‘Is it time to repeal Australia’s century-old laws on the use of the word “Anzac”?‘ The Conversation, 1 November 2016
Article marks the centenary of Australian restrictions on the use of the word ‘Anzac’. (The author has a book forthcoming on this area.) Looks at the history of the prohibition, imposed by Commonwealth regulation, and how it is administered now. ‘Although there may have been (limited) reasons for introducing this restriction in 1916’, the author concludes, ‘it isn’t clear why this prohibition on the use of “Anzac” in certain personal circumstances should continue in 2016’.
Interesting. “Anzackery”, the extreme version of the Anzac legend, has been defined in the recent second edition of the Australian National Dictionary as “[t]he promotion of the Anzac legend in ways that are perceived to be excessive or misguided”. http://honesthistory.net.au/wp/anzackery-and-other-australianisms-australian-national-dictionary-second-edition/ . There is more on Anzackery at honesthistory.net.au.
The Honest History coalition has occasionally drawn the attention of the Department of Veterans’ Affairs to misuse of the word “Anzac”, often by overseas companies (eg t-shirt makers) who are technically outside Australian jurisdiction. Usually, the misuse stops after an approach from DVA, even if there is no legal authority to make them stop.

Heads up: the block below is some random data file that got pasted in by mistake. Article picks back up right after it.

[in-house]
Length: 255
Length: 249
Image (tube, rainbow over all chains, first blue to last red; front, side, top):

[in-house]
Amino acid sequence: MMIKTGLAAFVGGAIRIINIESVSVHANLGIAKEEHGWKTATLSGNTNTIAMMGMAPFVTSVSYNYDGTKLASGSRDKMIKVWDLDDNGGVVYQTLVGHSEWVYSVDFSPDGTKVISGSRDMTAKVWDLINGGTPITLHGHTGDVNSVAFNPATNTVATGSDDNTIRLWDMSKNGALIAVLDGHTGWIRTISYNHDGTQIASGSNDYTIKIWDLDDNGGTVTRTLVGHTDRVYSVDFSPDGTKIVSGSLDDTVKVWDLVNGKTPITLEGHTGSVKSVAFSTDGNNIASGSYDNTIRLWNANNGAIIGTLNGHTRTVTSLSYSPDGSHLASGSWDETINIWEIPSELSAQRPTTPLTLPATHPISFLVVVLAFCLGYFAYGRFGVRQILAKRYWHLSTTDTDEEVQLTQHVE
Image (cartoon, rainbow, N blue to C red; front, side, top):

Anzackery, particularly by ministers, the RSL, commercial interests, the Australian War Memorial, and other members of the commemoration industry is a bigger problem than the occasional person misusing the word “Anzac”. These people (the commemoration industry) gain political or personal gratification from being seen to be more pious and more jingoistic followers of the Anzac ‘religion’ than the mass of the people. They also inflict misleading and mythical versions of our war history on children, which is where the real danger lies.